Your Lymphocyte Count

What Causes Abnormal Lymphocyte Count?

Abnormal lymphocyte count can have various causes, ranging in severity from 'minor' to 'generally fatal'.  Finding the true cause means ruling out or confirming each possibility – in other words, diagnosis.

Diagnosis is usually a complex process due to the sheer number of possible causes and related symptoms.  In order to diagnose abnormal lymphocyte count, we could:
  • Research the topic
  • Find a doctor with the time
  • Use a diagnostic computer system.
The process is the same, whichever method is used.

Step 1: List all Possible Causes

We begin by identifying the disease conditions which have "abnormal lymphocyte count" as a symptom.  Here are eight of many possibilities (more below):
  • Whooping Cough
  • Hypersplenism
  • Sarcoidosis
  • Infectious Mononucleosis
  • Drug Side-Effects
  • Enlarged Spleen
  • ALL Leukemia
  • Bone Marrow Suppression

Step 2: Build a Symptom Checklist

We then identify all possible symptoms and risk factors of each possible cause, and check the ones that apply:
arrhythmia
acute bronchitis
occasionally feeling unusually cold
epigastric pain
frequent confusion/disorientation
regular unexplained nausea
unusual current rash
recent onset hoarse voice
recent onset fatigue
black/brown fingernails
painful cervical nodes
postauricular node problems
... and more than 30 others

Step 3: Rule Out or Confirm each Possible Cause

A differential diagnosis of your symptoms and risk factors finds the likely cause of abnormal lymphocyte count:
Cause Probability Status
Drug Side-Effects 98% Confirm
Whooping Cough 16% Unlikely
Enlarged Spleen 29% Unlikely
Sarcoidosis 2% Ruled out
Hypersplenism 0% Ruled out
Bone Marrow Suppression 0% Ruled out
Infectious Mononucleosis 0% Ruled out
ALL Leukemia 0% Ruled out
* This is a simple example to illustrate the process

Arriving at a Correct Diagnosis

The Analyst™ is our online diagnosis tool that learns all about you through a straightforward process of multi-level questioning, providing diagnosis at the end.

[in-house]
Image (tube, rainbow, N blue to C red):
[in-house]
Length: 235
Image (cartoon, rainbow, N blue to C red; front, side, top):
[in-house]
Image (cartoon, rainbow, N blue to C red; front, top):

If you indicate having had recent lab tests, The Analyst™ will ask further questions including this one:
White Blood Cells - Lymphocyte Percentage [fraction]
Possible responses:
→ Don't know
→ Under 20% [0.20] (low)
→ 20 to 45% [0.20-0.45] (normal)
→ 46 to 55% [0.46-0.55] (elevated)
→ Over 55% [0.55] (high)
Based on your response to this question, which may indicate low lymphocyte count, normal lymphocyte count, elevated lymphocyte count or highly elevated lymphocyte count, The Analyst™ will consider possibilities such as:
(Prescription) Drug Side-Effects

Certain drugs, such as mephenytoin, dilantin and para-aminosalicylic acid, can cause an increased lymphocyte count.

Bone Marrow Suppression

Lymphocytes are made in the bone marrow, so when the bone marrow isn't functioning properly, lymphocyte counts can drop.

Enlarged Spleen

Enlarged Spleen also suggests the following possibilities:

Congestive Heart Failure

In severe failure of the right ventricle, elevated venous pressures are transmitted to the portal system, leading to congestion of the spleen and splenomegaly.

Hypersplenism

Hypersplenism is sometimes referred to as enlarged spleen (splenomegaly), but in fact an enlarged spleen is one of the symptoms of hypersplenism.  What differentiates hypersplenism is its premature destruction of blood cells.

Infectious Mononucleosis - Mono

About 50-75% of people with mononucleosis have some spleen enlargement, usually seen two to three weeks after they first become sick.  Whether or not the spleen is enlarged, people who have mono should not lift heavy objects or exercise vigorously – especially participating in contact sports – for two months after they get sick, because these activities increase the risk of rupturing the spleen, which can be life-threatening.  If you have mono and get a severe sharp, sudden pain on the left side of your upper abdomen, go to an emergency room immediately.

Leukemia

ALL, CML, or hairy cell leukemia can cause enlargement of the spleen.

Rheumatoid Arthritis

Autoimmune problems such as rheumatoid arthritis can cause reduced lymphocyte counts.

Whooping Cough (Pertussis)

A complete blood count may show large numbers of lymphocytes in a pertussis patient.